Free versus 99 cents - Page 3



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  1. #21
    Tiny Tim
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    Apr 2011
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    Default Re: Free versus 99 cents

    I was chatting with a reader over on Goodreads who said she refused to buy 99 cent books because if the writer didn't believe their book was worth more then it was probably awful and a waste of time. As someone with a couple of 99 cent books out there, I just left that one alone

    In a bid to raise my profile on B&N, I'd love to giveaway 10 copies of my ebook HONOR BOUND to the first 10 people who PM me, in an exchange for a fair review on B&N. I can offer Smashwords coupons only. This book is a historical paranormal romance and is going very well over at Amazon if that helps sway anyone.
    Historical romances from C.J. Archer:
    The Witchblade Chronicles: Honor Bound | Kiss Of Ash
    Lord Hawkesbury's Players: A Secret Life
    Steampunk romance: The Adventures of Miss Upton and the Sky Pirate
    $0.99 novella: The Mercenary's Price

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  3. #22
    Thing 1 Klaatu's Avatar
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    Oct 2009
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    Default Re: Free versus 99 cents

    Quote Originally Posted by CJ Archer
    I was chatting with a reader over on Goodreads who said she refused to buy 99 cent books because if the writer didn't believe their book was worth more then it was probably awful and a waste of time. As someone with a couple of 99 cent books out there, I just left that one alone
    I can actually understand that thinking. I don't agree with it, but I understand it.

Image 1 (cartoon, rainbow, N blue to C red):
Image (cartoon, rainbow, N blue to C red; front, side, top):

I sympathize that a writer wants people to read their stuff and if they think pricing it at $.99 or free is going to accomplish that then more power to ya. But, guys, is that really fair? Is it a fair and reasonable price for your hard work, or have you just priced it that way to get people to read you? I submit that those of you who are pricing your novel-length works at $.99 are doing yourself a disservice and your setting a bad precedent. If you want to raise prices in the future then your readers might rebel since they have come to expect your work to cost $.99.

    So I suggest you price the labors of your hard work at what you think is a reasonable price then promote the **** out of it. I'll bet Guido might have some sage words to say about this as well.

    For myself an eBook priced at $.99 is not a barrier or indicator of quality. My only real barrier is anything higher than ?$.9.99.

    Regards,
    Michael
    'Not all who wander are lost.'
    ~ J.R.R. Tolkien

    CURRENTLY READING: A Dance with Dragons by George R.R. Martin

  4. #23
    Mr. Darcy
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    Default Re: Free versus 99 cents

    Quote Originally Posted by Klaatu
    I sympathize that a writer wants people to read their stuff and if they think pricing it at $.99 or free is going to accomplish that then more power to ya. But, guys, is that really fair? Is it a fair and reasonable price for your hard work, or have you just priced it that way to get people to read you? I submit that those of you who are pricing your novel-length works at $.99 are doing yourself a disservice and your setting a bad precedent. If you want to raise prices in the future then your readers might rebel since they have come to expect your work to cost $.99.
    Interesting vantage points. I think the counter argument regarding the perception of quality is the enormous success that writers like John Locke and JA Konrath have had at the 99 cent price point.

    I agree that it would be nice to be able to note the word count so the reader knows they are truly getting a novel-length work, but I would also hope the reviews give a good indication of what to expect. My two cents...

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  6. #24
    Mr. Darcy
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    Default Re: Free versus 99 cents